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My favourite photo from the last month. Ben Alder, the ‘hill of rock and water’. A fitting title for a mountain which exhibits so flawlessly all the elemental aspects of the outdoors.

This is my final update before my Winter Mountain Leader (WML) assessment starts on Monday. It’s strange to think that I stepped onto the hillside of Lochnagar on New’s Year’s Day, a month ago yesterday.

 

I want to revisit briefly a legacy post to bring this little chronicle neatly to a close. I quoted from Ulysses, by Alfred, Lord Tennyson in Scotland, Skyfall & Ulysses and would like to mention The Charge of the Light Brigade in conclusion.

 

Cannon to right of them,
Cannon to left of them,
Cannon in front of them
Volleyed and thundered;
Stormed at with shot and shell,
Boldly they rode and well,
Into the jaws of Death,
Into the mouth of hell
Rode the six hundred.

 

I’ve invested a lot of time, effort and money into working towards the WML award. There have been sacrifices – family, comforts and conveniences – and it’s taken a lot of determination, and it all boils down to this coming week. Perhaps the process has become all-engrossing; I do feel that it’s now do or die.

 

The reference to The Charge of the Light Brigade is not meant to create an overly-heroic or macho image. Life will go on after the assessment regardless of the result. However, I have thought a lot about family, fathers and children while I’ve been away – unsurprising, I suppose, with a small family at home and in the face of very harsh and unrelenting conditions.

 

Little boys and girls idolise their fathers, and love to maintain their daddy as a hero who does great things and then comes home for hugs. All fathers are human and prone to fault, but all too often the role model of a father is lacking. Children don’t demand perfection, they are willing to forgive, but do look for a true heart. I quote The Charge of the Light Brigade because I want to be an inspiring role model to my girls and to encourage other fathers to be all they can be to their children.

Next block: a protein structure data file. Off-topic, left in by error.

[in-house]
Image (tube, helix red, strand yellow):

It’s not about war heroism, putting on a façade or being false. Let’s not be melodramatic, no one’s going to die, but it’s about getting a job done. It’s about being all you can be and giving it your all. The poem talks about carrying on in the face of errors:

 

Not though the soldier knew
Someone had blundered.
Theirs not to make reply,
Theirs not to reason why,
Theirs but to do and die.

 

This week the weather may have some tricks up it’s sleeve . It’s a bit of an unknown, wondering how you’ll cope in gales and storms, whilst juggling all the other demands of a winter leader – navigation, avalanche and group safety, route choice. At the end of the end of the day, though, I hope I can put aside replies and reasoning whys and simply put to good affect the skills, knowledge and enthusiasm that I’ve built up over the last while.

 

I’m looking forward to a big hug with my wife and little girls next Sunday too.

 

 

Simon is the Morocco Director and an instructor with The Mountain People. He is currently preparing for his Winter Mountain Leader assessment, as chronicled by the ‘Highland Hobo’ series.


Categories: Blog, NGBs, Personal, Simon, Winter
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